At the moment, the whole of Asian diplomacy seems to be focused on Singapore. The city, which has become a global financial hub thanks to the “determined” leadership of Lee Kuan Yew (who died in 2015), is not only the agreed-upon meeting place for the upcoming summit between Kim Jong-un and Trump, but also the venue for the Shangri-la Dialogue, an annual event organized by the International Institute for Strategic Studies (IISS) which brings together leaders and professionals in the field of Asian and Pacific defense.
At this event, US Defense Secretary Jim Mattis has put forward some rather strong accusations directed at China, the country with which Washington has been engaged in tough negotiations over the past few months to try to avert the start of a tariff trade war. The object of Mattis’s criticism was, once again, the South China Sea.
According to the US secretary of defense, Beijing has been engaged in “intimidation” against other Asian countries that are contending for the right to exploit the same stretch of sea, as well as for sovereignty over a number of uninhabited islands, of strategic importance in terms of resources and fishing. “Despite China’s claims to the contrary,” said Mattis, “the placement of these weapons systems is tied directly to military use for the purposes of intimidation and coercion.”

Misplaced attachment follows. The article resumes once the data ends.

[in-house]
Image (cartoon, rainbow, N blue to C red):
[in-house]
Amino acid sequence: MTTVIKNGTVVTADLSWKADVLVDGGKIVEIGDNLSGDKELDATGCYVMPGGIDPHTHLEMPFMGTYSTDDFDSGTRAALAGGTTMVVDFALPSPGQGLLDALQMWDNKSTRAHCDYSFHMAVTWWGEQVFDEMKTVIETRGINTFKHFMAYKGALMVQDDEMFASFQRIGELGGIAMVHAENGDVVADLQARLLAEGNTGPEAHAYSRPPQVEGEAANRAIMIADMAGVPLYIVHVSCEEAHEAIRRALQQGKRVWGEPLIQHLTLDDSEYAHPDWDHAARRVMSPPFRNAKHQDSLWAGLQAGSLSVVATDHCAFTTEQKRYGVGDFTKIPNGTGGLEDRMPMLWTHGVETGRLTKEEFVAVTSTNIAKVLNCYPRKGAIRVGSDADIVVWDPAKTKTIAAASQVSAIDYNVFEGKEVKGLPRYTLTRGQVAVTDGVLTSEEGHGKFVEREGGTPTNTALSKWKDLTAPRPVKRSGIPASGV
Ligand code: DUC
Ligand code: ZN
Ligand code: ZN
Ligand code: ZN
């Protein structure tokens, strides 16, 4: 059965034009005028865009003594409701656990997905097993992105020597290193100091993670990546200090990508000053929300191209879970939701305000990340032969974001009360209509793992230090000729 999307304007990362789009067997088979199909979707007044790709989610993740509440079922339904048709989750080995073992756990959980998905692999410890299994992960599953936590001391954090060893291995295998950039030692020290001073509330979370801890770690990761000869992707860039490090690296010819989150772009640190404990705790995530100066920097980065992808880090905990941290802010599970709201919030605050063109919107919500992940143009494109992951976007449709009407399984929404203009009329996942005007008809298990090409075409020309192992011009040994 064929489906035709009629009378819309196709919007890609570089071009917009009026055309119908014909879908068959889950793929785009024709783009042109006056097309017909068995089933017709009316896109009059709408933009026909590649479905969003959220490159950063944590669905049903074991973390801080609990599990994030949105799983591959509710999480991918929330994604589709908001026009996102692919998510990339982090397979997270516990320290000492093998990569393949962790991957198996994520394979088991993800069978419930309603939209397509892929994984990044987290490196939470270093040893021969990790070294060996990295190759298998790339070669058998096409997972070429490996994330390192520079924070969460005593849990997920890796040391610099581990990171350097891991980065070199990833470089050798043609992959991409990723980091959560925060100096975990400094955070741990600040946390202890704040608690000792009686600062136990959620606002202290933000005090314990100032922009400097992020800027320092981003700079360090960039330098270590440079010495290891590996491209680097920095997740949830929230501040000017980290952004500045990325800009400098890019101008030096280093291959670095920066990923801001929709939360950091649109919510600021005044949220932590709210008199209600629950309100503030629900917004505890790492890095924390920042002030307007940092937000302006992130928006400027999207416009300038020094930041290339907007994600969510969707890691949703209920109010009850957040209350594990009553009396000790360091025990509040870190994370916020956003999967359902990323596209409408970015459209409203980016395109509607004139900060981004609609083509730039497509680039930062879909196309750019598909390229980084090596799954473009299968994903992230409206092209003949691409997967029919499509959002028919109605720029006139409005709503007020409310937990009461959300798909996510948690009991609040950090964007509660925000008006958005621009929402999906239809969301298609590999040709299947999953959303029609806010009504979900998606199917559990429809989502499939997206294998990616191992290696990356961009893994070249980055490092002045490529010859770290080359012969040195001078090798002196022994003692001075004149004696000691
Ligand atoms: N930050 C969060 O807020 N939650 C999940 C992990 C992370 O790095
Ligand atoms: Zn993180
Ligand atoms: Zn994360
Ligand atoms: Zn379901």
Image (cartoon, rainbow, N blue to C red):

Mattis added that Chinese President Xi Jinping had not abided by his commitment made in 2015 not to militarize the islands in the South China Sea.
Beijing denies the accusations, even though on several occasions satellite images have shown military activity and the creation of artificial atolls. China is claiming sovereignty over this stretch of sea, in the face of objections from Vietnam, the Philippines, Malaysia, Brunei, Taiwan, and, of course, the US.